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Bellmouth

The Experts below are selected from a list of 240 Experts worldwide ranked by ideXlab platform

Li Cheng – 1st expert on this subject based on the ideXlab platform

  • Fluid Pattern and Optimum Design of Sump Based on CFD
    Volume 2: Applied Fluid Mechanics; Electromechanical Systems and Mechatronics; Advanced Energy Systems; Thermal Engineering; Human Factors and Cogniti, 2012
    Co-Authors: Li Cheng

    Abstract:

    The open sump is a typical inlet passage for small to middle-sized pumping station. It is important for the efficiency and safe operation of pumps that the open sump has an optimum design. The flow through the sump and into the pump is calculated using CFD. The incompressible N-S equations are solved by the finite volume method. The RNG k-e turbulence model and the SIMPLEC algorithm for pressure-velocity coupling are used. Many different designs for the open sump are considered, the results of which are compared based on common criteria to evaluate the sump performance. Design values for the width, the depth of submergence and the Bellmouth shape are derived.Copyright © 2012 by ASME

  • Research on the Design Process of Bellmouth Suction Passage of Vertical Pumping System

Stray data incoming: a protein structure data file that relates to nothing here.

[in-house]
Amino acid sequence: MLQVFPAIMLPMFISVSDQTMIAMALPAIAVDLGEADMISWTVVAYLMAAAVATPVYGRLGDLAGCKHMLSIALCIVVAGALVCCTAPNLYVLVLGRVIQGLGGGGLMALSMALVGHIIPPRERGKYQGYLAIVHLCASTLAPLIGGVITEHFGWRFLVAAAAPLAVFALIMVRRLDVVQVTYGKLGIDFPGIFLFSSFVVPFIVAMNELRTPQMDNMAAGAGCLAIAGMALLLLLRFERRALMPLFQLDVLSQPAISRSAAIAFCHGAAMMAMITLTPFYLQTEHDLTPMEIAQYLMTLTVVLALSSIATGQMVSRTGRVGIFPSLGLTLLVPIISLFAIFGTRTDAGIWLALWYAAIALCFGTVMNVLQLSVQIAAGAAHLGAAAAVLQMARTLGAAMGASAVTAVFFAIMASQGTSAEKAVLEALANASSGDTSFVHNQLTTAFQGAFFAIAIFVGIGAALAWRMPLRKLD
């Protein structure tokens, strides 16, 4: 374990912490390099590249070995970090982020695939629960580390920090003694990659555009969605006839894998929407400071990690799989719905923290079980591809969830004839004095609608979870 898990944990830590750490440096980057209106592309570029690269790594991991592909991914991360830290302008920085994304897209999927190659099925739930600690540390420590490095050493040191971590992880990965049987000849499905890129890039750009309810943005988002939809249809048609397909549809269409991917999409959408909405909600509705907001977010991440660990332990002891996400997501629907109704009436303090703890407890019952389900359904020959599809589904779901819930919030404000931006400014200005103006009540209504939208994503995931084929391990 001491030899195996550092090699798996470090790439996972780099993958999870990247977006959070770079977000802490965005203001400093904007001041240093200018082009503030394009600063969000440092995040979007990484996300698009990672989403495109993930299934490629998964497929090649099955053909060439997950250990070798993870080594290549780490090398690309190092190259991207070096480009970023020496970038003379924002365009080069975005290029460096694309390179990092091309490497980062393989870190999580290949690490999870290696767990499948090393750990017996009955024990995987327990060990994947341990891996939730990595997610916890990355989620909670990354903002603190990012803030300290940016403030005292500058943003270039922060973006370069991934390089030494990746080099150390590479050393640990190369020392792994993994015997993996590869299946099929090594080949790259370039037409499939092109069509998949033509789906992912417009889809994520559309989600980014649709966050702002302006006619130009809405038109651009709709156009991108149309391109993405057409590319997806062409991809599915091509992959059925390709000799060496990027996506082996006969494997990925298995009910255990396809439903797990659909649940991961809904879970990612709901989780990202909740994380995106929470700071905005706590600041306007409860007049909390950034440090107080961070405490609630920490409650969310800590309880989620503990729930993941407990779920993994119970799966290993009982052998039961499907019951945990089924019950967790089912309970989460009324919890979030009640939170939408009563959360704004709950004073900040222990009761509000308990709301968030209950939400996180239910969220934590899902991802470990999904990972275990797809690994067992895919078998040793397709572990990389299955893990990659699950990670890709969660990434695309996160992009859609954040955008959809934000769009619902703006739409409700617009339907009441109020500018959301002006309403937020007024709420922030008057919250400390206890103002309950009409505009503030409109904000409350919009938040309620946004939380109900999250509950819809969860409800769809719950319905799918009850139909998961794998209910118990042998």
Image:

Volume 1: Symposia Parts A B and C, 2009
    Co-Authors: Li Cheng

    Abstract:

    There are different types of suction box of vertical pumping system. In order to understand their relations and differences, the control volume method was used to simulate flow pattern of different suction boxes. The standard k-e turbulent model and SIMPLEC algorithm were applied in solving the N-S equations. The steady calculation results indicated that the flow patterns of different suction boxes of vertical pumping system were similar to each other. The different kinds of suction boxes were evolved from the pump sump. They can be united if they have essentially the same controlled parameters. It is a useful idea for the design of suction box of vertical pumping system.Copyright © 2009 by ASME

  • A study of active tonal noise control for a small axial flow fan
    Journal of the Acoustical Society of America, 2005
    Co-Authors: Jingbo Wang, Lixi Huang, Li Cheng

    Abstract: